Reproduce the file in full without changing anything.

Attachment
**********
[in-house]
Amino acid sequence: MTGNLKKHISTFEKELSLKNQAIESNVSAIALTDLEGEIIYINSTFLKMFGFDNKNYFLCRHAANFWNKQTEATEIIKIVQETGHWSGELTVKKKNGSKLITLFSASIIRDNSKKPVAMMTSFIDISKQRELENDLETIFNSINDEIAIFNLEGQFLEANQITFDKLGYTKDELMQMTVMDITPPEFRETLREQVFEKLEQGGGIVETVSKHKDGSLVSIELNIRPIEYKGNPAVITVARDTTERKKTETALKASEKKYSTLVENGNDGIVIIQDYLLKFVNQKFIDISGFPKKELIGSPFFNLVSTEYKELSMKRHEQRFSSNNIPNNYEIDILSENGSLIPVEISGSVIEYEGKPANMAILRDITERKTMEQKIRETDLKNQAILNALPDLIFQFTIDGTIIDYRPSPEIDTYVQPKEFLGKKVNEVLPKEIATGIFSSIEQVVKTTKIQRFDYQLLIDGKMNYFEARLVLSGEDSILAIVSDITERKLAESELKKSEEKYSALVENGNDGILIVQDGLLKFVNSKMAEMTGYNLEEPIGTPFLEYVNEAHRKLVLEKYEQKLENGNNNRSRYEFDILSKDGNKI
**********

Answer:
[in-house]
Amino acid sequence: MTGNLKKHISTFEKELSLKNQAIESNVSAIALTDLEGEIIYINSTFLKMFGFDNKNYFLCRHAANFWNKQTEATEIIKIVQETGHWSGELTVKKKNGSKLITLFSASIIRDNSKKPVAMMTSFIDISKQRELENDLETIFNSINDEIAIFNLEGQFLEANQITFDKLGYTKDELMQMTVMDITPPEFRETLREQVFEKLEQGGGIVETVSKHKDGSLVSIELNIRPIEYKGNPAVITVARDTTERKKTETALKASEKKYSTLVENGNDGIVIIQDYLLKFVNQKFIDISGFPKKELIGSPFFNLVSTEYKELSMKRHEQRFSSNNIPNNYEIDILSENGSLIPVEISGSVIEYEGKPANMAILRDITERKTMEQKIRETDLKNQAILNALPDLIFQFTIDGTIIDYRPSPEIDTYVQPKEFLGKKVNEVLPKEIATGIFSSIEQVVKTTKIQRFDYQLLIDGKMNYFEARLVLSGEDSILAIVSDITERKLAESELKKSEEKYSALVENGNDGILIVQDGLLKFVNSKMAEMTGYNLEEPIGTPFLEYVNEAHRKLVLEKYEQKLENGNNNRSRYEFDILSKDGNKI